A commenting module 426 may receive a comment related to the digital item from the user. The comment in module 426 may also associate the comment with the user (i.e., with a user ID) and with the digital item. In some implementations, association with the digital item may associate that comment with the common work that represents the digital item. Thus, other users accessing the same common work regardless of format or specific copies of the digital item may be able to access and view the comment. The comment may include a rating of the digital item (e.g., excellent-good-poor, 1-5 stars, etc.), thus the commenting module 426 can function as a rating module to collect ratings of digital items from the user of the user device 104. Comments received by the commenting module 426 may be sent via the communication interface(s) 408 to a comment storage such as the public data storage 120 shown in FIG. 1. Comments and reviews received by the commenting module 426 may also be available immediately through a live social network feed to other users that subscribe to a channel related to the feed. Thus, social networks can receive comments or reviews in substantially real time and make those comments and reviews available to other users that have expressed an interest or otherwise associate themselves with the digital item that is being reviewed or commented upon. If a user device 104 lacks the commenting module 426, similar functionality may be provided by a widget 420 conferring commenting functionality on the user device 104.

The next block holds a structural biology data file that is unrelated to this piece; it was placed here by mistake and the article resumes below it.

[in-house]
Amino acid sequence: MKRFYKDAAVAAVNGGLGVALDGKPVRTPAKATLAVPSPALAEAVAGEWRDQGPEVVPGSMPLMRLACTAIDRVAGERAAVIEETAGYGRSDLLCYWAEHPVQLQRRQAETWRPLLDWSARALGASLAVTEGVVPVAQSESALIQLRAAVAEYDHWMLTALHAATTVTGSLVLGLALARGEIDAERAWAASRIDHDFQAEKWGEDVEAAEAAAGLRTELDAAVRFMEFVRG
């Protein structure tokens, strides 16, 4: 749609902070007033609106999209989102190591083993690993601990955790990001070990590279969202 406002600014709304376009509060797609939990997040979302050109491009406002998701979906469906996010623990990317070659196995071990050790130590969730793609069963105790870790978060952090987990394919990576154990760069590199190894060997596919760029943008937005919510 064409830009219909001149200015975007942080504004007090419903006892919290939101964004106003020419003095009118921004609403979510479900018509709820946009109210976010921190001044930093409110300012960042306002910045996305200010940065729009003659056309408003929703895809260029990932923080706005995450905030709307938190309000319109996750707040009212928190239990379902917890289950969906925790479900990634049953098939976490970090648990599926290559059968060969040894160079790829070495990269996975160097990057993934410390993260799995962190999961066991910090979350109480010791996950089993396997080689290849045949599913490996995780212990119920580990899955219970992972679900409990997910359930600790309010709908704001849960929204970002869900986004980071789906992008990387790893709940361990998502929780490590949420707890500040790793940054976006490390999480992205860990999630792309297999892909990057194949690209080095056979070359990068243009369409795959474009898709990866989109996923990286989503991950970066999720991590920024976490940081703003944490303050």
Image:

An instant messaging module 428 may create an instant message session with another computing device operated by another user. The instant message session may be a chat session in which two or more users exchange messages in substantially real time with each other. The messages may be text or in another format. Users participating in an instant message session may all be users that are consuming or have consumed the same digital item on the respective computing devices. For example, if the user of the user device 104 is reading the eBook “Travels with Charley: In Search of America,” the instant messaging module 428 may allow the user to initiate a chat session with another user that is also reading the same eBook or a user that has previously read that eBook. A copy of a digital item may also store user identifiers for all of the users that previously possessed the digital item. Therefore, instant messaging may be initiated with any of the previous holders of a given digital item. The instant messaging module 428 may facilitate discussions between users that have connection to a common digital item such as members of a book club, fans of a band, student studying from the same textbook, etc. If a user device 104 lacks the instant messaging module 428, similar functionality may be provided by a widget 420 transferring instant messaging functionality.